1. The definition of subset;
  2. The axiom of power set: for any set $S$, there exists a set $\wp$ such that $X \in \wp$ if and only if $X\subseteq S$

we know what a subset is and what a power set contains.

In a simple case where a set $A$ is supposed to exist, with $A=\{a, b, c\}$, we know what is and what is not a subset of $A$:

$\{a\}, \{b\}, \{c\}, \{a, b\}, \{a,c\}, \emptyset$ and $A$ are subsets of $A$ and anything different is not.

$\wp(A)=\big\{\{a\}, \{b\}, \{c\}, \{a, b\}, \{b,c\}, \{a,c\}, \{a, b, c\}, \emptyset\big\}$.

However the mere definition of something (and consequently it's recognition as such) does not guarantee its existence. $\emptyset$ and $A$ seem like the only subsets whose existence is immediate.

In other words, I know what a power set contains, but how do I know that the things it contains exist in the first place?

Because such a well-defined and existent set such as $\wp(A)$ should not contain nonexistent elements, to prove the existence of its elements is important. It seems that two alternatives arise:

  1. Being a member of $\wp(A)$ automatically makes this thing to exist;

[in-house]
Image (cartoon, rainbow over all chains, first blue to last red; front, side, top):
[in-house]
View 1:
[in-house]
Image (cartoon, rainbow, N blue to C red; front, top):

1. There should be an alternative to prove the existence of all subsets of $A$ without the axiom of power set.
  • 2
    $\begingroup$ That's a good question. And in general the is no guarantee a thing exists be its definition. But in this case you are overlooking def. 0. The definition of a set itself. A set is a collection of objects, and objects, existentiallt,... are. So it is a nature of being a set itself that it must be able to have subsets. Not by definition of subset but by the empirical nature of a set. At least that's how I see it. I realize that's philosophically and ontologically vague. But there it is. $\endgroup$
    – fleablood
    Jun 19, 2016 at 17:56
  • 2
    $\begingroup$ I am interpreting this as you asking how we know the subsets of $A$ other than $A$ and $\emptyset$ exist. To answer this, it follows from the axiom of specification. For example $\{a,b\} = \{x \in A : x \neq c\}$ $\endgroup$ Jun 19, 2016 at 17:59